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Fiji Chief Justice Gives Directives On Courts

Issue No: 618 22 March 2001

The Chief Justice Sir Timoci Tuivaga has again issued a directive to the Lautoka High Court to not to accept on its own any case involving the 1997 Constitution.

Under law, the High Courts can, and must, accept cases filed before them. There are three high courts in Fiji, one in Suva, one in Lautoka, and one in Labasa.

The directive states that the Lautoka Court should consult the Suva Office before registering any case which might involve constitutional issues.

According to today's Fiji Times, the directive has been rejected by Lautoka High Court judge, Justice Anthony Gates who wrote to the CJ saying that his instructions were not right. The paper reports that the CJ wrote back to Justice Gates saying that he was being disrespectful.

The new directive follows numerous earlier attempts by the Chief Justice at judge shopping.

The CJ was heavily criticised for being involved in drafting military decrees and for advising that the abrogation of the 1997 Constitution was lawful.

The involvement of the CJ in not only the processes which left the 1997 Constitution purportedly abrogated, as well as in actions which undermine the impartiality of the judiciary, has left the nation stunned.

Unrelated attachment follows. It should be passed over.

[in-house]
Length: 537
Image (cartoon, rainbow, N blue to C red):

The Fiji Law Society has claimed that if the directive was true, then it was contrary to the rights of an individual and could be seen as curtailing an individual's constitution right. Law Society President Chen Bun Young stated: "In the present climate the courts should be the last institution to give the impression that it is attempting to erode an individual's constitutional right to have access to a court of law".

It is now certain that the nation's judiciary and the institutions responsible for maintaining law and order has totally collapsed.

The nation is now plagued with: * unethical conduct of certain magistrates and judges, including the Chief Justice;

* incompetence of the public prosecution office,

* a corrupt and inefficient police force headed by a Commissioner who himself was alleged to have been involved with terrorists and who was freed of the charges under suspicious circumstances;

* government lawyers not being consulted by the regime, and the inability of the government lawyers to take an independent stand defending the interests of the state;

* certain sections of the lawyer community in private practice advising the regime that court decisions should be rejected;

* inability of the Fiji Law Society to effectively deal with the misconduct of its members and decisively address the undermining of the law by officers of law.

The greatest cause of the collapse of law and order and the judiciary has been the politicisation of the judiciary and other organs responsible for law and order. Such politicisation has invariably involved racist, especially anti-ethnic Indian, rhetoric and action. The influence of elements of provincialism has also contributed to the malaise.

END


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